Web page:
It can also cause difficulties for you, since you may well be asked “Where exactly is that?”.

There are basically two ways of avoiding this problem:

References

Almost every document you will deal with in a case, will have a shorthand way of referring to it.

  • Documents in the bundle can be referred to by page numbers. Some documents also have paragraph numbers you can use.
  • Cases can be referred to by their case citation. You can use page numbers, paragraph numbers and marginal letters to give more precise references.
  • Witness statements can be referred to by paragraph numbers.
  • Statutes are referred to using the name of the statute and section numbers.

Using these references is simple. For example,

Mr White, at paragraph 6 of his statement, says that the bonus scheme was organised on a commission basis, bundle p78, para. 5.

Many people like to put references in italics. This can be useful.

Another useful technique, particularly when you will be referring often to the same source, is to indicate a default reference. For example, you might write at the beginning of a submission “Page references are to the bundle of documents, unless otherwise indicated”. This allows you to avoid writing ‘bundle’ repeatedly.

Quotation

Sometimes, it will be useful to quote from documents, rather than just providing a reference. There is no absolute rule as to when a quote is better that a reference. It is mostly a matter of common sense. Your aim should be to make things easy for the reader. If a quote will help them, put one in.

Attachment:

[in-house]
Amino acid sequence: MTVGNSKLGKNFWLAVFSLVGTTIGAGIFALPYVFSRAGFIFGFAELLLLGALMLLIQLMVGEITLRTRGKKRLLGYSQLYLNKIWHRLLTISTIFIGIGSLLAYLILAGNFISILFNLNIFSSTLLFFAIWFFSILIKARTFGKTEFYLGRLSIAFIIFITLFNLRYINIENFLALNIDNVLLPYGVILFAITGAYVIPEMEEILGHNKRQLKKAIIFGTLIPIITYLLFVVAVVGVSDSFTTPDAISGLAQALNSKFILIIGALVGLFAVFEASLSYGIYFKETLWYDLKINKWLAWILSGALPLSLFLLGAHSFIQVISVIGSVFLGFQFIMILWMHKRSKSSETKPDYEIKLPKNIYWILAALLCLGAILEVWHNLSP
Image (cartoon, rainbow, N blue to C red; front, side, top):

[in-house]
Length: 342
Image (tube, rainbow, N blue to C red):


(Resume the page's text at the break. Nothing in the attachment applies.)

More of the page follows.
In general, the more important a document and the more you want to say about it the more likely that a quote is sensible.

Bear in mind that quotations break up what you are writing. Too many quotes will make it difficult to follow what you are saying, since you will keep stopping to insert a quote. The aim is to achieve a happy medium between giving your reader useful information and making your points concisely.

A quotation should always have a reference attached, so that the reader can follow up the quote and see it in its original context.

· Written by

Recorded / special delivery

From time to time it is useful to send documents by recorded or special delivery.

There are normally two reasons to do this: dodgy opponents and important or urgent deliveries.

From time to time you will deal with opponents who appear to be either dishonest or simply totally disorganised. In these cases it is useful to have some independent confirmation that what you have sent has been received.

You will also deal with important or urgent deliveries. Sometimes you will have original documents that cannot be replaced, and sometimes something will need to arrive quickly. Special delivery, or even a courier, can be useful.

There is no reason, however, to send all letters in legal proceedings by recorded or special delivery. This is expensive, and normally has no real advantage. If you are need to be sure that something has arrived the cheapest and easiest solution is to give the receiver a quick call a couple of days after you send it.

Bear in mind that recorded / special delivery can actually slow post down. Items will not be delivered unless they are signed for. If the receiver is out, it can be some time before he arranges for re-delivery or collects the post. The risk of this happening will vary depending on who you are sending things to. A local authority is unlikely to be out when post arrives, but a small businessman may well be.